He holds a master's degree in nuclear engineering and a master’s and a bachelor's degree in mechanical engineering. He is principal investigator for two Nuclear Regulatory Commission (NRC) projects and one Light Water Sustainability Program (LWRS) project in the Risk Assessment and Management Services Department at Idaho National Laboratory (INL). As principal investigator for Reactor Operating Experience Data, he collects, codifies, assures quality, and maintains data necessary to support various risk-associated NRC studies requiring reactor operation experience. He also is principal investigator for SACADA, an NRC program that collects operations training simulator data to support improved human reliability analysis (HRA) methods. He is the principal investigator for Outage Risk Management Improvement, an LWRS program that seeks to improve outage safety and efficiency through the application of new technologies. He has worked at INL for more than 11 years and has reactor operations, process engineering, and probabilistic risk assessment (PRA) experience. He was previously a senior reactor operator (SRO)-certified shift technical adviser and shift support supervisor at a commercial boiling water reactor and a nuclear-trained surface warfare officer in the U.S. Navy.
He is a human factors engineer in the Human Factors, Controls, and Statistics Department with 37 years of experience in various human factors engineering roles in heavy industry, defense, nuclear, and commercial organizations. His primary focus is on making work more effective, efficient, and satisfying through the design of human-centered tools, methods, and work environments. He has worked at Idaho National Laboratory since 2010. His current work includes researching and developing methods and procedures to integrate human factors principles in the systems engineering process for advanced and modernized nuclear power stations with an emphasis on human-system interfaces and control room design and information visualization. He has a master’s degree in human computer interaction from the University of South Africa and associate degrees in human computer interaction and industrial engineering.
He is a research engineer at Lawrence Livermore National Laboratory, and is a member of the Center for Micro-Nano Technologies in the Materials Engineering Division. He joined LLNL in 2013 after graduating from the Massachusetts Institute of Technology with a S.B. in physics (’07), a S.B. in mechanical engineering (’07), a M.S. in mechanical engineering (’09) and a PhD in Mechanical engineering (’13). He leads the Precision Micro/Nano group at LLNL, which is focused on applying the principles of determinism to micro/nano design, manufacturing, metrology and assembly. He is leading the development of an uncertainty-based analysis of X-ray CT, as well as developing a high speed, large range precision micromirror array. His research interests include precision engineering, MOEMS, additive micromanufacturing, X-ray metrology, uncertainty analysis, and compliant mechanism design. He is an NDSEG fellow, a member & on the board of directors of the American Society for Precision Engineering (ASPE), the chair of the ASPE Micro-Nano Technical Leadership Committee, and is a member of the U.S. National Academy of Engineering. He has 10 patents and over 65 papers published and submitted.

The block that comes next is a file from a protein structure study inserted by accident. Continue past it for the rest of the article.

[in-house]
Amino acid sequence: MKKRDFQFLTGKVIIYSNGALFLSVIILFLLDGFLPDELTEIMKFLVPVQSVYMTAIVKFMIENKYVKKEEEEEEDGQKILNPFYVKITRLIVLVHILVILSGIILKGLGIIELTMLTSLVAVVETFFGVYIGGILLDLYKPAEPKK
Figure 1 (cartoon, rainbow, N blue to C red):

His expertise includes the application of small Unmanned Aircraft Systems (sUAS) to homeland and national security needs. Argonne National Laboratory’s expertise in this area includes worldwide databases of commercial sUAS technologies and sUAS regulatory frameworks, risk assessment methodologies applied to sUAS threat environments, and the use of sUAS for critical infrastructure monitoring/damage assessment and emergency response. He received his master’s degree from the Johns Hopkins University and his doctorate from Cornell University.
He is a researcher at Idaho National Laboratory working on risk-informed methods development, RELAP5-3D code assessments, and safety analysis of advanced reactor designs. He specializes in nuclear systems safety analyses using advanced best estimate plus uncertainty (BEPU) methods, and his areas of expertise include neutronics, thermal-hydraulics, and coupled codes technology. He earned his master’s and doctorate degrees in nuclear engineering at the University of Pisa, Italy, where he also worked as a research assistant and applied BEPU methods to nuclear power plants in operation and under construction. He was also a researcher at ENEA “Casaccia” Research Center in Rome, Italy, where he applied advanced safety analysis methods to Generation IV designs (SFR). From 2004 to 2015, he was involved in several OECD/NEA and IAEA international research projects on multi-physics and code assessment. He is also a member of the American Nuclear Society and is an Italian professional engineer.